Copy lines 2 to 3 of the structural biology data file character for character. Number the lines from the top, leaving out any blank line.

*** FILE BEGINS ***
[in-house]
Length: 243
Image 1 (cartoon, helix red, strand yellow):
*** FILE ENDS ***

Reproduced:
Length: 243
Image 1 (cartoon, helix red, strand yellow):